No ban on grants from EU, says Dominguez
The Duterte administration will decline foreign governments’ offers for aid only if they are not aligned with the government’s priority programs and projects, and if there are preconditions to such grants, Finance Secretary Carlos G. Dominguez III said.
Speaking to reporters for the first time since the report on the country turning down a grant from the European Union came out, the head of the government economic team said there was no ban on grants from the EU. He said grants would be accepted especially if they were to be poured into infrastructure projects.
“There were two things involved in that. First of all, for the last six months, our President has been talking about, particularly the EU, interfering in our internal affairs. If you’re a Cabinet member, you have to listen to what the President is saying so that when an issue comes before you, you have to alert him and say ‘there is something that doesn’t seem totally in sync with what you have been saying.’” Dominguez said in an interview Friday night. President Duterte had said it was Dominguez himself who advised him to decline the grant.
“So we alerted him and he said ‘you’re right, this is an issue, and you’re right, we should take a hard stance here and say we will not allow people to interfere in our internal affairs,’” Dominguez said.
“Secondly, this issue has been discussed many, many times, and this is the issue of who is going to direct where our funding is going to go? Outsiders or us? I believe that all funded projects have to emanate from our priorities—after all, the people have elected us because those are our priorities. What we don’t want is foreigners coming here and saying ‘you should be doing this, you should be doing that’—that’s a no-no as far as this administration is concerned. You follow our priorities,” the Finance chief said.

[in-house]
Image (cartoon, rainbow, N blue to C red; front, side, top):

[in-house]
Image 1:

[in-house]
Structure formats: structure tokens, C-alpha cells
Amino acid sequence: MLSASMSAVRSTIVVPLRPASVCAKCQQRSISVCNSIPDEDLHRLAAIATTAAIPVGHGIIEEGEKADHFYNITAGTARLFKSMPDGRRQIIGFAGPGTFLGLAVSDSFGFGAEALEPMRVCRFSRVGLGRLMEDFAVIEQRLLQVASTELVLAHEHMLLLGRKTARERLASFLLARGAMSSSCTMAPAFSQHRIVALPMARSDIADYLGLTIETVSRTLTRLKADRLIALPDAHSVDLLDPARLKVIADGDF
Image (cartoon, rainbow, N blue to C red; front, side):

“Now, the EU [offered]: ‘we want to help here, and by the way, we want to spend $95 million for adherence to rule of law.’ [But] that’s not our priority, [so] why should we accept it? Our priority is infrastructure, reducing poverty through infrastructure, and achieving peace. If that’s not our priority, why should we accept it? The day has passed when you have these marketing officers from foreign funding agencies coming here to tell us what to do,” according to Dominguez.
He said that when he was the agriculture secretary of former President Cory Aquino he had canceled a lot of “totally lousy” projects inherited from the Marcos (administration).
He said those projects were canceled because “there was a commitment fee.”
“Why should I have my grandson pay for a commitment fee for a project that is lousy anyway?” he said.
As far as the EU is concerned, it was only the specific offer for a grant aimed at adherence to the rule of law that was declined so far, Dominguez said. “What you [the EU] gave us in the past and what was accepted, we’re not bothered with that—they’re ongoing. But from here on, you follow what our priorities are, and if it [a proposed grant] does not follow our priorities, it’s not right for us to accept it because that’s not what our President and this administration was elected for,” Dominguez said.
The Finance chief said there was no total ban on EU grants. —BEN O. DE VERA
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